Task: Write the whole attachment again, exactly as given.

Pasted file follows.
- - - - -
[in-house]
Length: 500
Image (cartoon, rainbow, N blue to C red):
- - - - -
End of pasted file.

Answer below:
[in-house]
Length: 500
Image (cartoon, rainbow, N blue to C red):